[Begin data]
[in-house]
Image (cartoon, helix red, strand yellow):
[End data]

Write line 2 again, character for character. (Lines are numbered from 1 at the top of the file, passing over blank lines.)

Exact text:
Image (cartoon, helix red, strand yellow):